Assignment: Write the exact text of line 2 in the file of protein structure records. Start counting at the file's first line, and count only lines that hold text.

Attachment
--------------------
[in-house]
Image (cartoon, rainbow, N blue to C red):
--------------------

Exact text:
Image (cartoon, rainbow, N blue to C red):